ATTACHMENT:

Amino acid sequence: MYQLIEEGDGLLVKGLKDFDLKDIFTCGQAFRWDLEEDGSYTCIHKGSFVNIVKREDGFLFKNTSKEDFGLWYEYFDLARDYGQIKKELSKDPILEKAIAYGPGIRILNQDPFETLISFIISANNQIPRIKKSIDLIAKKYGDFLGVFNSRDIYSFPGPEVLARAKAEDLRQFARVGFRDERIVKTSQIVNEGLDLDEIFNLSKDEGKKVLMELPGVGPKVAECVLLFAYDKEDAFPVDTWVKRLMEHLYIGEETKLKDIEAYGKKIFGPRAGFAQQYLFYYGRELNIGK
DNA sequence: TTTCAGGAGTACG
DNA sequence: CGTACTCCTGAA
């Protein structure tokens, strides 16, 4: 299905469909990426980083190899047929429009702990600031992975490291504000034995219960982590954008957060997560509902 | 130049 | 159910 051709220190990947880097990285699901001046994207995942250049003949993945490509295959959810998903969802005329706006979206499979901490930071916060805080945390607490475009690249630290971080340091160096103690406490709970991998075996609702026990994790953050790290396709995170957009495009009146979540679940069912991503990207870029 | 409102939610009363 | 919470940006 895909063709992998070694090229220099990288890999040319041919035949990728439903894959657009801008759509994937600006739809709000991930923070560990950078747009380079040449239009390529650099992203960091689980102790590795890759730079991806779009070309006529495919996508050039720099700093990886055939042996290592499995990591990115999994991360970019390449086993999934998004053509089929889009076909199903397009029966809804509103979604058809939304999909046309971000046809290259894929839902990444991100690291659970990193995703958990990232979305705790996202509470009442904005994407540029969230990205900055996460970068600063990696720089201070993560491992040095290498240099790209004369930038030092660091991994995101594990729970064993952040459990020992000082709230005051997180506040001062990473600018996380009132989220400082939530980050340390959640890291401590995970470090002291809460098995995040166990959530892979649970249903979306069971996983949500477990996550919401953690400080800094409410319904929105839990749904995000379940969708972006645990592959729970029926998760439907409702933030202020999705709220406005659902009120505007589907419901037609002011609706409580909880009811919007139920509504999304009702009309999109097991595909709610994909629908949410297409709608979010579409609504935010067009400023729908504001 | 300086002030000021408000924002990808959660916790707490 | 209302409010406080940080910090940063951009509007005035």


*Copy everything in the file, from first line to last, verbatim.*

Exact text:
Amino acid sequence: MYQLIEEGDGLLVKGLKDFDLKDIFTCGQAFRWDLEEDGSYTCIHKGSFVNIVKREDGFLFKNTSKEDFGLWYEYFDLARDYGQIKKELSKDPILEKAIAYGPGIRILNQDPFETLISFIISANNQIPRIKKSIDLIAKKYGDFLGVFNSRDIYSFPGPEVLARAKAEDLRQFARVGFRDERIVKTSQIVNEGLDLDEIFNLSKDEGKKVLMELPGVGPKVAECVLLFAYDKEDAFPVDTWVKRLMEHLYIGEETKLKDIEAYGKKIFGPRAGFAQQYLFYYGRELNIGK
DNA sequence: TTTCAGGAGTACG
DNA sequence: CGTACTCCTGAA
């Protein structure tokens, strides 16, 4: 299905469909990426980083190899047929429009702990600031992975490291504000034995219960982590954008957060997560509902 | 130049 | 159910 051709220190990947880097990285699901001046994207995942250049003949993945490509295959959810998903969802005329706006979206499979901490930071916060805080945390607490475009690249630290971080340091160096103690406490709970991998075996609702026990994790953050790290396709995170957009495009009146979540679940069912991503990207870029 | 409102939610009363 | 919470940006 895909063709992998070694090229220099990288890999040319041919035949990728439903894959657009801008759509994937600006739809709000991930923070560990950078747009380079040449239009390529650099992203960091689980102790590795890759730079991806779009070309006529495919996508050039720099700093990886055939042996290592499995990591990115999994991360970019390449086993999934998004053509089929889009076909199903397009029966809804509103979604058809939304999909046309971000046809290259894929839902990444991100690291659970990193995703958990990232979305705790996202509470009442904005994407540029969230990205900055996460970068600063990696720089201070993560491992040095290498240099790209004369930038030092660091991994995101594990729970064993952040459990020992000082709230005051997180506040001062990473600018996380009132989220400082939530980050340390959640890291401590995970470090002291809460098995995040166990959530892979649970249903979306069971996983949500477990996550919401953690400080800094409410319904929105839990749904995000379940969708972006645990592959729970029926998760439907409702933030202020999705709220406005659902009120505007589907419901037609002011609706409580909880009811919007139920509504999304009702009309999109097991595909709610994909629908949410297409709608979010579409609504935010067009400023729908504001 | 300086002030000021408000924002990808959660916790707490 | 209302409010406080940080910090940063951009509007005035």